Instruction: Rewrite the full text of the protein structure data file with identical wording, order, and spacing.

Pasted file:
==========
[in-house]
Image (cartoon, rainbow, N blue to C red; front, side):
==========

[in-house]
Image (cartoon, rainbow, N blue to C red; front, side):